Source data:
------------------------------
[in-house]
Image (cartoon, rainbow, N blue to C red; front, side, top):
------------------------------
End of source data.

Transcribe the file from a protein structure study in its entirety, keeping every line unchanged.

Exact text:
[in-house]
Image (cartoon, rainbow, N blue to C red; front, side, top):